Venous air emboli due to the injection of contrast material for chest and neck CT scans can result in intravenous or intracardiac air.[5],[6] In 1994, David Rubinstein and David Symonds identified air in the veins in the region of the clavicle, the internal jugular vein, and an anterior neck vein at the level of the hypopharynx in a supine patient who received intravenous contrast material for a neck CT scan.[7] They demonstrated three cases of retrograde flow of radioactive material into the jugular vein (in one case up to the transverse sinus) on brain flow studies. They documented both orthograde flow of intravenous air in the arm and retrograde flow of air from the radial artery to the subclavian artery.[8],[9]

Intravenous lines resulting in air emboli from the upper extremity to the neck have been reported earlier. Normally the air empties into the superior vena cava. However, rarely, it can pass into the jugular veins. The mechanism postulated is the upright position of the patient facilitating the movement of air into the jugular veins by buoyancy. This may be accelerated by performing the Valsalva manoeuvre during spontaneous acts such as coughing. Through the large. Through the large and vertical internal jugular veins and then the inferior petrosal sinus, air can reach the cavernous sinus and get trapped there. In our patient, the air bubbles seen in the bilateral internal jugular veins, and neck veins provide a clue to the mechanism of air in the cavernous sinus.[10],[11]

Conservative medical management of pneumocephalus includes bed rest, head elevation, analgesia, avoidance of coughing, sneezing, nose blowing, or the Valsalva manoeuvre.[12] Laxatives are used to decrease intra-abdominal pressure during bowel movements, and supplemental oxygen therapy hastens the absorption of pneumocephalus. The efficacy of hyperbaric oxygen therapy for treating pneumocephalus is not supported by literature.[12]

Hyperosmolar therapy with mannitol is recommended prior to surgical treatment. Pneumocephalus and cerebrospinal fluid leaks secondary to traumatic dural tears are usually self-limiting and do not require prophylactic antibiotics unless there are signs of infection. Definitive surgical treatment is indicated for significant intracranial hypertension, persistent craniodural leaks, or persistent pneumocephalus lasting for longer than 1 week. In these cases, prophylactic antibiotics are usually recommended, whether or not signs of infection are present, while the patient is waiting for the neurosurgical repair of the breech.[12]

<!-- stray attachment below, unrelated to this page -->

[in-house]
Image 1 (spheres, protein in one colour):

Air within cerebral venous sinuses need not always be due to septic thrombosis, skull fractures, nose blowing, rhinosinusitis, or barotrauma. It can be iatrogenic through an intravenous access while intravenous medication or fluid is being injected. Our case emphasizes the relevance of removing air bubbles completely and judiciously before starting an intravenous access.

Financial support and sponsorship

Nil.

Conflicts of interest

There are no conflicts of interest.



 
  References Top

1.
Curves JT, Creasy JL, Whaley RL, Scatliff JH. Air in the cavernous sinus: A new sign of septic cavernous sinus thrombosis. AJNR 1987;8:176-7.  Back to cited text no. 1
    
2.
Bartynski WS, Wang AM. Cavernous sinus air in a patient with basilar skull fracture: CT identification. Comput Assist Tomogr 1988;12:141-2.  Back to cited text no. 2
[PUBMED]    
3.
Canavan L, Osborn RE. Dural sinus air without head trauma or surgery: CT demonstration. Comput Assist Tomogr 1991;15:526-7.  Back to cited text no. 3
[PUBMED]    
4.
Crone KR, Lee KS, Moody DL, Kelly DL Jr. Superior sagittal sinus air after penetrating craniocerebral trauma. Surg Neurol 1986;25:276-8.  Back to cited text no. 4
    
5.
Woodring JH, Fried AM. Nonfatal venous air embolism after contrast enhanced CT. Radiology 1988; 167:405-7.  Back to cited text no. 5
[PUBMED]    
6.
Price DB, Nardi P, Teitcher J. Venous air embolization as a complication of pressure injection of contrast media: CT findings. J Comput Assist Tomogr 1987;2:294-5.  Back to cited text no. 6
    
7.
Rubinstein D, Symonds D. Gas in the cavernous sinus. Am J Neuroradiol 1994;15:561-6.  Back to cited text no. 7
[PUBMED]    
8.
Lowenstein E, Little JW, Hing HL. Prevention of cerebral embolization from flushing radial-artery cannulas. N Engl J Med 1971;25:1414-5.  Back to cited text no. 8
    
9.
Chang C, Dughi J, Shitabata P, Johnson G, Coel M, McNamara JJ. Air embolism and the radial arterial line. Crit Care Med 1988;16:141-3.  Back to cited text no. 9
[PUBMED]    
10.
Navarrete ML, Galindo J, Pellicer M. Cavernous sinus air bubble. Ear Nose Throat J 1990;69:771-2.  Back to cited text no. 10
[PUBMED]    
11.
Orrell RW, Guthrie JA, Lamb JT. Nose-blowing and CSF rhinorrhea. Lancet 1991;337:804.  Back to cited text no. 11
[PUBMED]    
12.
Tran P, Reed EJM, Hahn F, Lambrecht JE, McClay JC, Omojola MF. Incidence, radiographical features, and proposed mechanism for pneumocephalus from intravenous injection of air. Western J Emerg Med 2010;11:180-5.  Back to cited text no. 12
    


    Figures

  [Figure 1], [Figure 2], [Figure 3], [Figure 4]